Cybersecurity remains an ongoing and growing problem for Canadian businesses, with an estimated 83 per cent of companies having experienced a cybersecurity breach of some kind in the past year, a new survey indicates.
In its first Canada Threat Report, Massachusetts-based cybersecurity firm Carbon Black said a January survey shows 76 per cent of companies reported an increase in cyberattacks in the past year, 25 per cent saying the volume has grown by half in that period.
“Cybersecurity can’t just be building a perimeter and putting up a defence,” said Carbon Black security strategist Eric O’Neill, a former FBI counterterrorism and counterintelligence agent. “Cybersecurity needs to be offence. You need to be cyberspy hunters.”
The report called the threat a “relentless onslaught.”
“The inevitability of breach puts pressure on organizations to start proactively detecting and neutralizing threat vectors by improving visibility, hunting threats and developing effective counter-incident response.”
The report found 85 per cent of the 250 companies surveyed were anticipating increases in cyberdefence spending, with a reported anticipated spending increase of 22 per cent.
Carbon Black found that size matters in the cyberthreat context. The survey revealed 83 per cent of companies with more than 5,000 employees reported an attack increase. Some 65 per cent of companies with fewer than 250 employees saw attack numbers rise.
Malware finding its way into systems is the most common cyberattack at 30 per cent. That’s followed by phishing – fraudulent attempts to acquire sensitive information such as usernames, passwords and credit card details via electronic communications seemingly from a trusted source. That’s about 20 per cent of the problems.
However, Canadian companies are taking note of the issues.
Carbon Black found 59 per cent of surveyed companies engage in active threat hunting.
Supply chain breaches were also cited as significant problems.
Manufacturing and engineering businesses cited supply breaches at 13 per cent of attacks while web application attacks were cited as the main cause of successful breaches (21 per cent) in the financial sector.
The survey found governments and local authorities and manufacturing and engineering companies were most likely to be engage in cyberthreat hunting at 69 per cent and 66 per cent of respectively.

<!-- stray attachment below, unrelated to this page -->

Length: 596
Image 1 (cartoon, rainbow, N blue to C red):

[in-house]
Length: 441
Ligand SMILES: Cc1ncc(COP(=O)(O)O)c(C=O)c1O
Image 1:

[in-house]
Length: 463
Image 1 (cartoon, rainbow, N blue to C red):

Canadian Centre for Cyber Security
The issues are among many Ottawa began to address with the funding of the Canadian Centre for Cyber Security last year. The centre has been pitched as a “unified source of expert advice, guidance, services and support on cybersecurity for government, critical infrastructure owners and operations, the private sector and the Canadian public.”
The centre is expected to open this summer and be fully operational by spring 2020.
It came about following the National Cyber Threat Assessment 2018, which found cybercrime is the cyberthreat most likely to affect Canadians and Canadian businesses this year.
“Cybercrime is evolving as cybercriminals take advantage of growing online markets for illicit goods and services in order to maximize their profits,” the assessment said. “Cybercriminals tend to be opportunistic when looking for targets, exploiting both technical vulnerabilities and human error.”
The assessment found:
• State-sponsored cyberthreat actors will continue to conduct cyberespionage against Canadian businesses and critical infrastructure to advance national strategic objectives;
• It is very unlikely state-sponsored cyberthreat actors would intentionally disrupt Canadian critical infrastructure. However, the assessment found, with more individuals connected to the internet through a myriad of devices, Canadians become increasingly susceptible to less-sophisticated cyberthreat actors, such as cybercriminals, and;
• Sophisticated cyberthreat actors would likely continue attempts to exploit trusted relationships between businesses and suppliers and service providers for espionage and cybercrime purposes.